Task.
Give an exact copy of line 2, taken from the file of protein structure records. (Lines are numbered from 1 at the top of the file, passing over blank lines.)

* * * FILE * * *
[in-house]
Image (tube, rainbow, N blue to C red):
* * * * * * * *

Image (tube, rainbow, N blue to C red):